After dinner, we went to the Oak Room and Piano Bar to listen to the music and have a cocktail by the fireplace. We chatted with Loris Speltini, the Head Cocktail Bartender, and who is the creator of the cocktail “The de Savary Affair” named after Bovey Castle owner, Peter de Savory, which I had to try. It was a tantalizing mixture of peach liqueur, framboise liqueur, grapefruit juice and Tattinger champagne and garnished with a raspberry, while Edward indulged in a Dry Rob Roy.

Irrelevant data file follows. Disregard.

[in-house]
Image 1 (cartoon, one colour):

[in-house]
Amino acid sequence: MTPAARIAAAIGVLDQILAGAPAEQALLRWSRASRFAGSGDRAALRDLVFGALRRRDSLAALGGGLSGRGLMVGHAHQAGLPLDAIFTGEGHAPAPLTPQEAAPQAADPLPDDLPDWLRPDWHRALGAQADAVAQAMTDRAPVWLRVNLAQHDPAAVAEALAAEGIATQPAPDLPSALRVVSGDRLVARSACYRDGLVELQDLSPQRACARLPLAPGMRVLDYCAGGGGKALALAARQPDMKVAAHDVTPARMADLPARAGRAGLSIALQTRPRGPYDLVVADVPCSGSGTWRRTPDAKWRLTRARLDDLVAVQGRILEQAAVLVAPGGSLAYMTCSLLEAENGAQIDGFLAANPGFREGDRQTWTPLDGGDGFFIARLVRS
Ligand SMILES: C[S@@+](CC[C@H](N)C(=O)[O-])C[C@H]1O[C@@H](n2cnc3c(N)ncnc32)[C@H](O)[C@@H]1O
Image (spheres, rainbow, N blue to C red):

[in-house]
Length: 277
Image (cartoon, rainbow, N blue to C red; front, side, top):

The next morning we had breakfast in the Palm Court Dining Room, where guests could order off the menu, or select from the buffet, which offered the “full-English breakfast” and then some. Think porridge, bangers (translated bangers are sausages), tomatoes, mushrooms, fresh fruit, eggs, ham, West Country cheeses, cold cereals, juices and the list keeps going on. We finished our breakfast just in time to see the Falconry Display on the Terrace. Each morning, Martin Whitley, puts on a display with his falcons, hawks, and owls for the guests who eagerly line up on the terrace to witness these spectacular birds. He began by showing Merlin, an owl, followed by Baby Moses, a 10-week old Barn Owl who stole the show. This small owl, had a very sweet disposition, and guests were allowed to pet him, which he seemed to enjoy. His feathers were as soft as velvet, and he kept flying back to me on his own accord for more petting. Hector, a Harris Hawk, had the amusing habit of flying up to the window ledge of our suite during the display, as apparently that is his favorite spot to roost. I was a bit concerned though, since the window was open, and I had visions of Hector entering and then flying away with an article of clothing! Imagine trying to track down a hawk. Galahad, a 3-year old falcon, amazed the crowd as he soared on Martin’s command to “catch” his “prey” (actually a leather pad on a string that Martin hurled in the air). Martin said that Galahad, formerly called, Sir Galahad, (who lost his title when he decided to fly away to another village, and Martin and to drive to pick him up), can fly about 280 – 300 mph!